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Making Wine From Native Grapes

Making Wine From Native Grapes image
Parent Issue
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OCR Text

The following receipt for making do mestic wines from Catawba or Isabell grapes, used by G. A. Nicolls, at Read ing, Pa., in 1859 to 1869, ig coinmeudet to the New York Pont, by a gentleman who bas tried it successfully. lts direc tions have the merit, rare in receipts, o being full and precise : 1. Select perfectly ripe bunches, am then carefully piok off the stoms and re move all grapes which are not quit ripe. 2. Squeeze the juice out, either b; hand or press, strain through a hai nieve, and pour it at once into a clean swoet barrel or keg, addiug to the vesse two gallons of water for every gallon o juice made. 3. At the same time put in fou pounds of sifted sugar per gallon o juice. 4. In adding the two gallons of wate stated in section 2, let it strain througl the pulp, skins, &c, of the residum o the grapes after being squeezed. 5. Fül the vessel full, up to the bung hole, which cover with a sand-bag, to allow the fermentation to escape. 6. Watch the barrel daily, and clear or scrape away the scum, which will ba thrown out in large quantities. 7. As the wine falls below the bung flll up daily (after clearing away the scum) with sugar water, made with two pounds of sugar to the gallon of water. 8. The fermentation will continue from three to six weeks, according to the weather. When it has ceased, I ponr into the bung hole about one gill of brandy to the gallon of juice, to flow over the surface and prevent its souring ; but the brandy may not be indispensable. Then buiig the vessel up tight. 9. During the cold weather, in say the following February, when the wine is perfectly still and clear, draw it ofl' into any other clean vessels, then quickly clean, scald and rinse thoroughly the barrel in which the wine was made, and return the wine to it, bung it up and draw it off as required for use. 10. If you wish to make a very palatable champagne, have the champagne bottles ready when you rack off the wine as stated in section 9 ; put a tableapoonful of common syrup in each quart bottle ; then fill with the wiue, Leaving about 1 1-2 incbes clear below the bottom of the cork, which fasten very securely with strong twine, as the pressure of the fixed air to escape is very great. 11. The wine will improve by age, after the operation described in sectiou 9. 12. An old brandy or whiskey barrel is the best (see section '2). Never use a new barrel, as the wine will taste of ihe wond. 13. About fifteen pounds of grapes will give one gallon of juice. The riper ihe grapes the butter the yield of tbe uice. One gallon of grapes in bunuhes weighs about four and a half pounds. 14. Keep the wine in the cellar, wbere it wil! not be exposed to extremes oí temperature. 15. An approximate estímate of quantities required for a 30-gallon barrel will be asfollows: To Muke Thirty Oalhns of Wine.- 150 bs. grapes, yielding 10 gallons juice; 0 gallons water, strained through the aulp residum (Ree section 4) ; 40 lbs. of aifted sugar ; 2 1-2 pints of common jrandy. See section 8. If carefully made, the wine will be wholesome and palatable, with a llavor ike grape-juice Madeira, It was pre rred to all othera at the Washington hospitals during the war of 1861-65, and was reported to hare been the means of saving the Hves of some of the soldier.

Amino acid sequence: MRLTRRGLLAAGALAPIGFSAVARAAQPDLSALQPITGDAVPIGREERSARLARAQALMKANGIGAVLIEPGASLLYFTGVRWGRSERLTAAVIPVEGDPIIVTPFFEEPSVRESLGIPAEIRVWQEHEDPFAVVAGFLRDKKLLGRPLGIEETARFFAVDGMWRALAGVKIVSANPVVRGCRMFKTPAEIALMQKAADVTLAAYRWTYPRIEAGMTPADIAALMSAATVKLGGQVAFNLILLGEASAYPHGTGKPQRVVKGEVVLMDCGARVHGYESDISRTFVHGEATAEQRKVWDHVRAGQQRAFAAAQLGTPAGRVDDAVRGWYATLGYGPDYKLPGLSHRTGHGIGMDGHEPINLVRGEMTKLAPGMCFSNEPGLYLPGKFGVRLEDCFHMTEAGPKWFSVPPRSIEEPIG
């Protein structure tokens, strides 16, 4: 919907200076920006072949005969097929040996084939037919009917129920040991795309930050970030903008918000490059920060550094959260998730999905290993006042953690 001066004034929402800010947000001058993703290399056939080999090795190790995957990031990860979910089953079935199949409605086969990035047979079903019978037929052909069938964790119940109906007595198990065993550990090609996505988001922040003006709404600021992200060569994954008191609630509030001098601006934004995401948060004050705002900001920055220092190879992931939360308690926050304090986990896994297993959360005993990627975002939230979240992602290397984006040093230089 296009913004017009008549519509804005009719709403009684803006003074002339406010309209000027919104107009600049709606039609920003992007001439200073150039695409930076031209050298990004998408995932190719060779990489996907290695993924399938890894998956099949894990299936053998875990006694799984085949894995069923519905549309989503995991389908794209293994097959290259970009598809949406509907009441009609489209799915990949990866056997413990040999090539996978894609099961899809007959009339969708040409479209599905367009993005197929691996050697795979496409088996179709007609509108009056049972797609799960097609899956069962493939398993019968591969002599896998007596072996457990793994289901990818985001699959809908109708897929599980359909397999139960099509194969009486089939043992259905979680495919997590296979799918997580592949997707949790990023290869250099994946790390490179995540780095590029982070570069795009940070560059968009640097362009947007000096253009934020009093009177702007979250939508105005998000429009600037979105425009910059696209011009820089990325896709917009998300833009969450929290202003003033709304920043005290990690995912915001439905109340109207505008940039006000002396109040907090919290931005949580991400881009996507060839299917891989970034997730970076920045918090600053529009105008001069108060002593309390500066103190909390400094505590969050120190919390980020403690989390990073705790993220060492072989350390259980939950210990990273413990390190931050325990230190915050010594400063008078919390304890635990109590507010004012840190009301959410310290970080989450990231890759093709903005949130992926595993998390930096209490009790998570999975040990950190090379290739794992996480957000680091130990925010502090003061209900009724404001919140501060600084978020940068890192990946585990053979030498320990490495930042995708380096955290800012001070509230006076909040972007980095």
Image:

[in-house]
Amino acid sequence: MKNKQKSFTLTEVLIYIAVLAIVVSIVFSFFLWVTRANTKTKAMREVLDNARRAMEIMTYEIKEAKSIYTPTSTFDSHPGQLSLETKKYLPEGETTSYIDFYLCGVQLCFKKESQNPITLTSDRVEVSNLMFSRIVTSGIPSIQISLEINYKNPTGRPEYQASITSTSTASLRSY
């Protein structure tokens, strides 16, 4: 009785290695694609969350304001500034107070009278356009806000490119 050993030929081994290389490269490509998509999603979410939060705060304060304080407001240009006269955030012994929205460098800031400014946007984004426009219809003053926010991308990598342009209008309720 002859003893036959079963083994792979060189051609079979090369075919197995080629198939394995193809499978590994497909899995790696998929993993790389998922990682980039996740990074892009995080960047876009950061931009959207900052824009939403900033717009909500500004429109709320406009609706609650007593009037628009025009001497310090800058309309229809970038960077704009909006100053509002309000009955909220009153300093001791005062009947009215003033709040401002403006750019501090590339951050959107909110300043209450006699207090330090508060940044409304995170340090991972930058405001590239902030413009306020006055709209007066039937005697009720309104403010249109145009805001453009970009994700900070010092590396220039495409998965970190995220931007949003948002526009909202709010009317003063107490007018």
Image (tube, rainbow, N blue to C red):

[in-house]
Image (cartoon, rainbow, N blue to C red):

Old News
Michigan Argus